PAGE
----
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Rare earth and trace element geochemistry of termite mounds in central and northeastern Namibia: Mechanisms for micro-nutrient accumulation

Publication Date
DOI: 10.1016/j.geoderma.2009.08.011
  • Trace Elements
  • Macrotermes
  • Ree
  • Topsoil
  • Termite Mounds
  • Caprivi Strip
  • Chemistry
  • Earth Science
  • Ecology
  • Geography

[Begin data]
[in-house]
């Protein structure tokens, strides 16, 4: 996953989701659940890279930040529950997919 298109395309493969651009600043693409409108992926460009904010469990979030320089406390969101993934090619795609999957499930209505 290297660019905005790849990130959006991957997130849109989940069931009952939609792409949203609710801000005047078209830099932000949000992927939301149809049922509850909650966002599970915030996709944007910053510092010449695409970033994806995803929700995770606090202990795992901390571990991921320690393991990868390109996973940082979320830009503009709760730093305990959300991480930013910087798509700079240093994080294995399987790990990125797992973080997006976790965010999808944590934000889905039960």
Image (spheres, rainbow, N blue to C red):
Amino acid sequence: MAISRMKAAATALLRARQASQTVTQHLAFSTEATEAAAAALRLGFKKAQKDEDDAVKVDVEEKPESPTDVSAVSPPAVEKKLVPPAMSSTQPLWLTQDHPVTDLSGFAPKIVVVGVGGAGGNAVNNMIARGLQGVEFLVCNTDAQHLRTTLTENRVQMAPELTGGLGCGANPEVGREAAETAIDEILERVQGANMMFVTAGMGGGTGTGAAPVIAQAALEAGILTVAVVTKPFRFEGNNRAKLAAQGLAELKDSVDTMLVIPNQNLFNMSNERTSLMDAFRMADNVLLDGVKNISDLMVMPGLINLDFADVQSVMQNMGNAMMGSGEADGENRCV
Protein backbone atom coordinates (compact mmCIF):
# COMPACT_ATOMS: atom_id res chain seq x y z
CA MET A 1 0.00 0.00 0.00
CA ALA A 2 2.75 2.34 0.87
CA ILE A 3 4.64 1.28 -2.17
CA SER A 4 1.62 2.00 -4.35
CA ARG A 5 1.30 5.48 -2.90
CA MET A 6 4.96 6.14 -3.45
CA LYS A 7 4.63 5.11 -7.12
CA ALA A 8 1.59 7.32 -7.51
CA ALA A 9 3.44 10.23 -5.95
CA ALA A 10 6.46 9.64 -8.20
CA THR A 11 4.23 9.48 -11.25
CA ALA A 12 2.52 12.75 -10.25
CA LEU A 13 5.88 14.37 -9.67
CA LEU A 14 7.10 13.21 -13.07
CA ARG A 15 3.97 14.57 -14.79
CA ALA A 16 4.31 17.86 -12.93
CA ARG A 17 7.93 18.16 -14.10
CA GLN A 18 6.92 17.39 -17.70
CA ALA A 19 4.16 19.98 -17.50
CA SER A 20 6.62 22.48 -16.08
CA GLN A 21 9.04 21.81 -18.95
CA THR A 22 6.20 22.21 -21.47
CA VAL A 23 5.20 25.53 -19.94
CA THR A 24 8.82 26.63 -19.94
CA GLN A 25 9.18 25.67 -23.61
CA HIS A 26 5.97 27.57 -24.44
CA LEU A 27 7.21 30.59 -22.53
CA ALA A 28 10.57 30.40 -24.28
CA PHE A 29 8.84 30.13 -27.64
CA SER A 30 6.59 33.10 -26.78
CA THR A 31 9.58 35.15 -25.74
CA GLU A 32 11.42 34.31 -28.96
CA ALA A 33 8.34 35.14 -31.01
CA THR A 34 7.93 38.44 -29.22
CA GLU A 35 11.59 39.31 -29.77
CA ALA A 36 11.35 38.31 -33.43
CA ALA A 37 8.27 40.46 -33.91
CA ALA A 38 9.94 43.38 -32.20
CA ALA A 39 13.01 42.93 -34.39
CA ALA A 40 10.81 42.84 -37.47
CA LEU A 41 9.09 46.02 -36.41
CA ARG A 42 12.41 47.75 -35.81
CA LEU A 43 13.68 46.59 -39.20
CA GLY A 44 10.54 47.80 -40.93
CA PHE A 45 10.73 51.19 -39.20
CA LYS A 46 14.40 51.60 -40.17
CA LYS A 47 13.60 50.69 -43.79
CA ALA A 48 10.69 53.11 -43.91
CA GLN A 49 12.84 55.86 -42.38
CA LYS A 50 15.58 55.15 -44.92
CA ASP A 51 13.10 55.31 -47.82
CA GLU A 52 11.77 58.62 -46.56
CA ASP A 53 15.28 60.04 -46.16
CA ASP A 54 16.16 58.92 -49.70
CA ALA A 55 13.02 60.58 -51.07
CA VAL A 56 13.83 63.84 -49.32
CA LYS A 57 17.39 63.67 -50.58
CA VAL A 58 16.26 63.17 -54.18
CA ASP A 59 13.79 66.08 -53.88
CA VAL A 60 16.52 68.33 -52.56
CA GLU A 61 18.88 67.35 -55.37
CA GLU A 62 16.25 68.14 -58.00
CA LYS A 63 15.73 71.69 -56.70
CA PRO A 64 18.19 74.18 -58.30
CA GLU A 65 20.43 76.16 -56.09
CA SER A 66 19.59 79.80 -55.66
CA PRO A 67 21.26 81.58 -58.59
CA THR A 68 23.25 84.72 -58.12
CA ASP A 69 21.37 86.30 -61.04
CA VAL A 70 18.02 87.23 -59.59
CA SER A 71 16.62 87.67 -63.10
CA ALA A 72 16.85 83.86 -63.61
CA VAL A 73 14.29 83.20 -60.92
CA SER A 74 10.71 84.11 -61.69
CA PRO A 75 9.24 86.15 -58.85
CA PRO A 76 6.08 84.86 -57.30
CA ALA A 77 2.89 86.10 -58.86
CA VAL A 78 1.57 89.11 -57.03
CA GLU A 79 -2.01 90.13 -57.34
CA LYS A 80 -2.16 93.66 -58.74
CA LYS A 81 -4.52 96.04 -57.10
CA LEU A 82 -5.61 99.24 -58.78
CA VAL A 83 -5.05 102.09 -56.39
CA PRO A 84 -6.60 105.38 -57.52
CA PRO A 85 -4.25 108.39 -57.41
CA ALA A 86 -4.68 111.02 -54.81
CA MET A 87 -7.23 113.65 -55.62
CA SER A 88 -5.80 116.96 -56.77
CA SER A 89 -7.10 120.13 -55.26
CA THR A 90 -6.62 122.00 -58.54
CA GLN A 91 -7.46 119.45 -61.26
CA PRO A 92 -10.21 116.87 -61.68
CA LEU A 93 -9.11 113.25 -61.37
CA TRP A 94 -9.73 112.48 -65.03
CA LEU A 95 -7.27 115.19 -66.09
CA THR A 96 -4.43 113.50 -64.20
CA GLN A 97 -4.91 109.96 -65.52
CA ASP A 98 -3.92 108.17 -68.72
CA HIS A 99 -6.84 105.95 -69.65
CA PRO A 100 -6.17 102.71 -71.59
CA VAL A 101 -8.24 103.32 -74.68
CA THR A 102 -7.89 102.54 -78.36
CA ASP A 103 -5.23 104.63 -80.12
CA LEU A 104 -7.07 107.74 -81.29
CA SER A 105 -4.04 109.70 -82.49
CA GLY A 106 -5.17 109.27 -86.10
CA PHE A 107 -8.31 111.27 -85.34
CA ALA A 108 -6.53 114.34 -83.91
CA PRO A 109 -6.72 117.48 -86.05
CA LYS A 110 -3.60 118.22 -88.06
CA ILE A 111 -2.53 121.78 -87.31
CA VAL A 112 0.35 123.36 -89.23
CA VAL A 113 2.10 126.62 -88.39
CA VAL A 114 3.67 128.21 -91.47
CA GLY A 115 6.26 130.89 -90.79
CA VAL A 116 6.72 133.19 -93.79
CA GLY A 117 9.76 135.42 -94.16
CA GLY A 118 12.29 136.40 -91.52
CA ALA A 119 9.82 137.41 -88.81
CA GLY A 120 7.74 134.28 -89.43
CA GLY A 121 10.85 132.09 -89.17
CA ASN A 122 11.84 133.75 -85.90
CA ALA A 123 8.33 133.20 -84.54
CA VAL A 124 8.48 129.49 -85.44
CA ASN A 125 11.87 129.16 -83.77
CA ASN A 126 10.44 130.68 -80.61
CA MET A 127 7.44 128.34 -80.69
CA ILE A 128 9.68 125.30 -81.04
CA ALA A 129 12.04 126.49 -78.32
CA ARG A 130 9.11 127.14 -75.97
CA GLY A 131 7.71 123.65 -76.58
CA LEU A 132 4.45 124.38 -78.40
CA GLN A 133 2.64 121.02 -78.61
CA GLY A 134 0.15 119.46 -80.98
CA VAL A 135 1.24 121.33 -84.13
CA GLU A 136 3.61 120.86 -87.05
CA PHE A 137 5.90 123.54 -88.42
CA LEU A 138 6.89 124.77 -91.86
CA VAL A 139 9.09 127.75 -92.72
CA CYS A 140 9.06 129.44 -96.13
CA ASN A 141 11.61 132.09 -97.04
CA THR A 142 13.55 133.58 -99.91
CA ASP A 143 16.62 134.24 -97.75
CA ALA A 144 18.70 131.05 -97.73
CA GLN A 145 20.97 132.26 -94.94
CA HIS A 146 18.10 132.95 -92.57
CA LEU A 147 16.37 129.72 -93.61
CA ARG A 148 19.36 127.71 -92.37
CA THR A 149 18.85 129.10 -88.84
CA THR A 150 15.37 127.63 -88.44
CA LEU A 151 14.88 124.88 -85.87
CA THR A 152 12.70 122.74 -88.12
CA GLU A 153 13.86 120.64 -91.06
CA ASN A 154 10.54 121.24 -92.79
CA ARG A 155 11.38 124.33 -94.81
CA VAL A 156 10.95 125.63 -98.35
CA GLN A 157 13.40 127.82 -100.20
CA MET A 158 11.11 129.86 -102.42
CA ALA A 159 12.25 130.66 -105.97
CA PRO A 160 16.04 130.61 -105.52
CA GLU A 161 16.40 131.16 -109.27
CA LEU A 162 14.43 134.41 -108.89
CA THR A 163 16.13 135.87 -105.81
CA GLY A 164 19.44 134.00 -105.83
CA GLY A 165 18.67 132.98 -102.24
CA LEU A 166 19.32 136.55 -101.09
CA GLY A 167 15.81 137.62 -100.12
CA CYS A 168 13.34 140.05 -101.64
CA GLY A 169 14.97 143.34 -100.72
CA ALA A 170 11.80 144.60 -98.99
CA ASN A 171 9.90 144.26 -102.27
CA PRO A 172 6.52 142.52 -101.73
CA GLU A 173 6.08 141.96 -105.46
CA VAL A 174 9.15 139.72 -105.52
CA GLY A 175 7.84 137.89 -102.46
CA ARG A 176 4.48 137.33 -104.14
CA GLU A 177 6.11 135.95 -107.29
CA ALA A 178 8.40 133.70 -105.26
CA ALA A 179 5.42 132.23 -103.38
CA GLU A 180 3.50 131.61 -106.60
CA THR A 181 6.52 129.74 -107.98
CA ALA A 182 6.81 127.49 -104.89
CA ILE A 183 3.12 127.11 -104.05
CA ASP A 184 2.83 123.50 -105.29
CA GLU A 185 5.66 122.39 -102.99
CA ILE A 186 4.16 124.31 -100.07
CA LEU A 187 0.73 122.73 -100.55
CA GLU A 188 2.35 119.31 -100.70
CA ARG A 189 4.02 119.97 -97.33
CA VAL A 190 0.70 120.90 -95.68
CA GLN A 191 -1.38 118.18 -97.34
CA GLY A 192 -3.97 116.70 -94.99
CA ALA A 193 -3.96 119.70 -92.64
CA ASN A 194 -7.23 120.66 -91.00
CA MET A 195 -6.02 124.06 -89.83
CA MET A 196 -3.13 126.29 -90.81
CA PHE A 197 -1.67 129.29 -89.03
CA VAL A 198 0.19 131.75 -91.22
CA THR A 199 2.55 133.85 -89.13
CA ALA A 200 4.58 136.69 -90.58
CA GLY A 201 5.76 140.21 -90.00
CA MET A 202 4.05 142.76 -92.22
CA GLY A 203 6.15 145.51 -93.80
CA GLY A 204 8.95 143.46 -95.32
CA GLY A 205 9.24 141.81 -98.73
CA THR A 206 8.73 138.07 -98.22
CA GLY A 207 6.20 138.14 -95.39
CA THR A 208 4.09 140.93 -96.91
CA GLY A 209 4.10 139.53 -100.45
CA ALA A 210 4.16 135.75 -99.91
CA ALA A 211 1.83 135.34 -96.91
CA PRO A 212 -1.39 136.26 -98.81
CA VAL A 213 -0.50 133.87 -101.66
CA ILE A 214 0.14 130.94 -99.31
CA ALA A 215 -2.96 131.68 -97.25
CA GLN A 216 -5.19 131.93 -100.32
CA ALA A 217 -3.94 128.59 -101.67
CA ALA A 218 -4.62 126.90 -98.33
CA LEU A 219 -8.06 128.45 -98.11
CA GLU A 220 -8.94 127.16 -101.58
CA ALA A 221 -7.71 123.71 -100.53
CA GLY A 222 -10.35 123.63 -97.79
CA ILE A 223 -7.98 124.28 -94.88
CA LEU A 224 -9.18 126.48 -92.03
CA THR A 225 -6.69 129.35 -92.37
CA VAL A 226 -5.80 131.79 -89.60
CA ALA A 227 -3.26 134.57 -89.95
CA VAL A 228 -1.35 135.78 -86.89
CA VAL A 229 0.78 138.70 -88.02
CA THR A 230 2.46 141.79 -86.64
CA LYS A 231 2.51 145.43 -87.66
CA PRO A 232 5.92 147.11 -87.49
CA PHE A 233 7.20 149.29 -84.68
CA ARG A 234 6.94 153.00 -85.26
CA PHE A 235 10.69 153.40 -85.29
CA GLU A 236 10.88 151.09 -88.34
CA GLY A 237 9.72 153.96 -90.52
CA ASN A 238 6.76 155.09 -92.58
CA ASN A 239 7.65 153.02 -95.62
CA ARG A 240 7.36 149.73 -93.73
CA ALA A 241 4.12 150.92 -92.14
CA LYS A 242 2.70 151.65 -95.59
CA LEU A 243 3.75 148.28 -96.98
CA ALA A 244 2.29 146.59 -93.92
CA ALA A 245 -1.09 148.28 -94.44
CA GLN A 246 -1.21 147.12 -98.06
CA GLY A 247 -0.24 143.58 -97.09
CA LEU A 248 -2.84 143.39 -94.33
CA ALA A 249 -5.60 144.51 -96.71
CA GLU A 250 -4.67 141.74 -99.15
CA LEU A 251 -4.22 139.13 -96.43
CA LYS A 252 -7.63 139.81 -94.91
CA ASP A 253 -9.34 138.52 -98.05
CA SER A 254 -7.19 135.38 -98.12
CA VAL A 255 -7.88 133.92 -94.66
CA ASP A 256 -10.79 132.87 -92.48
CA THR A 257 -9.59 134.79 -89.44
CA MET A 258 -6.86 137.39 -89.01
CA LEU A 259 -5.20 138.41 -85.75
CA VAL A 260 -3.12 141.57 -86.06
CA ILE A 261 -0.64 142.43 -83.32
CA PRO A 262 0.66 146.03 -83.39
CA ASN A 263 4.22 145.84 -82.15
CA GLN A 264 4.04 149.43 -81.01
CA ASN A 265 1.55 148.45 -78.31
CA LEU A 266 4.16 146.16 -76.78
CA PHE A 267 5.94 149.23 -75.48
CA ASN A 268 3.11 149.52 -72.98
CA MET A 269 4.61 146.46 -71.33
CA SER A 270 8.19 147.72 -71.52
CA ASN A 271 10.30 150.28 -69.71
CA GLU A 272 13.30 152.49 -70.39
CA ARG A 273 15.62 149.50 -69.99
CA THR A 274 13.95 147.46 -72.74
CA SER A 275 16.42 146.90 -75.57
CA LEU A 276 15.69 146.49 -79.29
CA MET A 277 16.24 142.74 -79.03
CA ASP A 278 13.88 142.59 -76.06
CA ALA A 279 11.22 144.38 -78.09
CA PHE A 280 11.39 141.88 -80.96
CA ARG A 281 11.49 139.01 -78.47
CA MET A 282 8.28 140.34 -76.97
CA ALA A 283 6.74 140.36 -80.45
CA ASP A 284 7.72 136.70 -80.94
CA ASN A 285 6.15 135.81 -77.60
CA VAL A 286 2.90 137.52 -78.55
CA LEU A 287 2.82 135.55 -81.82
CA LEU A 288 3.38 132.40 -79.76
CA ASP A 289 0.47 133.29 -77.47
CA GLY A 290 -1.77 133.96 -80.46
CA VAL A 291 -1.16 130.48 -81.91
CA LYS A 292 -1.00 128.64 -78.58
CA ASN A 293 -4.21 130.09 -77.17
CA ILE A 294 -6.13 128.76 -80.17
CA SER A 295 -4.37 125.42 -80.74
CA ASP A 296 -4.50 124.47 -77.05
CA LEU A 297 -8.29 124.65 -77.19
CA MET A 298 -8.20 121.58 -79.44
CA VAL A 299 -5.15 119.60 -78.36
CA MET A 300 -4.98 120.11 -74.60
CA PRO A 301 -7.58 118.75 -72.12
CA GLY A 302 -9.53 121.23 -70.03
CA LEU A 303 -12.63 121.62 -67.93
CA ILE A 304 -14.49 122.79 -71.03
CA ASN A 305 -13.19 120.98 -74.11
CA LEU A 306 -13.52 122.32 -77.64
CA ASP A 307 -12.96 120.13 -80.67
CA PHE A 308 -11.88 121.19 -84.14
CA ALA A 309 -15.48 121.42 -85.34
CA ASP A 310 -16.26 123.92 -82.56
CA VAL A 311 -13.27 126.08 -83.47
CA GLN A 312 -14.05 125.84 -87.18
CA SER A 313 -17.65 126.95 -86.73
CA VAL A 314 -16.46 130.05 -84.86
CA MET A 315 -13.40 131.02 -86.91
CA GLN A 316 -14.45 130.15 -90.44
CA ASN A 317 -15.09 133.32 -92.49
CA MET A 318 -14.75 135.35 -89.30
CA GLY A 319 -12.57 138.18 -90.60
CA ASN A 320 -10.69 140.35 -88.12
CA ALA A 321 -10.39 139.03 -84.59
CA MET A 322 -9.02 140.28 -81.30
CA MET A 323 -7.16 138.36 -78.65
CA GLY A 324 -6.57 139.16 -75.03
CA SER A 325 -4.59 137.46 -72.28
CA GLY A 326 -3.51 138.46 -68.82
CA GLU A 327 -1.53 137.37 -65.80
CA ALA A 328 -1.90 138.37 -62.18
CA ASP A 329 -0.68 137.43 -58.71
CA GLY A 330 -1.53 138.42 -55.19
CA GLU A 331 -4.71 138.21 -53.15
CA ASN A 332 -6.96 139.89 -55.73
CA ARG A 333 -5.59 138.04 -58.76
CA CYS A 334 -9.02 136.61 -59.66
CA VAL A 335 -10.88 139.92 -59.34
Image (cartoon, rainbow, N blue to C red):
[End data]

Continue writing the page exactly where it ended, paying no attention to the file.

Abstract Rare earth element (REE) and trace element concentrations of ten termite mounds and adjacent topsoil from central and northeastern Namibia were used to investigate the processes underlying the alteration of soil chemical and physical properties by termites ( Macrotermes spp.). Accumulation of micro-nutrients in the mounds was of particular interest because of the ecological implications of the enhanced availability of these scarce elements. The absolute concentrations of REE and trace elements, including nine micro-nutrients (B, Fe, Mn, Ni, Cu, Zn, Se, Mo and Cd), were greater in termite mounds compared to topsoil, suggesting a possible external supply of enriched materials or accumulation of in situ weathering products of the underlying bedrock. Similarities between the chondrite normalized REE patterns of the samples and those of the average upper continental crust (UCC) and Post-Archaean Average Australian Shale compositions indicated that the mounds and topsoil at each site originated from the same host bedrock. Coherent behavior between two incompatible elements (Th and La) in both topsoil and mound samples suggested that the two sets of samples were exposed to two different weathering processes. The relatively low Zr/Sc ratios, fine particle sizes and the persistence of positive Eu anomalies of the mounds relative to UCC were interpreted as reflecting (1) a lack of grain sorting effects and (2) active transport of materials rich in primary clay minerals and trace elements from the deeper regolith to the surface by termites. Lower permeability of mound materials may also prevent leaching of primary minerals and trace elements. Titanium and Zr enrichment in most mound samples (8 samples) was attributed to the decomposition of biotite by Macrotermes with the concomitant release of Ti and Zr into the mounds, suggesting the termites' ability to transform soil minerals and enhance chemical weathering. This was further corroborated by a substantial increase in Th/U ratios in most mounds relative to topsoil. Because of the oxidizing conditions of the mounds, Ti and Zr are likely to be adsorbed onto Fe-oxides. Positive Ce anomalies relative to UCC and the high pH values in the mounds indicate calcrete aggradation or mound aeration as a result of burrowing activities of the termites and evaporation from mounds. The impacts of the changes in environmental conditions and the termite activities on the mound geochemistry are highlighted by heavy REE (HREE) as well as Fe and Mn retentions in the mounds. Heavy REE and light REE (LREE) are likely to coprecipitate with carbonate complexes and Fe- and Mn-oxyhydroxides, and in the process, scavenge a series of micro-nutrients such as Zn, Cu, Cd and Co. A substantial enrichment of Se in mounds, despite the oxidizing conditions of the mounds, could be attributed to active transport of Se-enriched materials from deep soil horizons. The study demonstrated the suitability of REE and trace element geochemistry for assessing the influence of Macrotermes on the physico-chemical properties of semi-arid soils.

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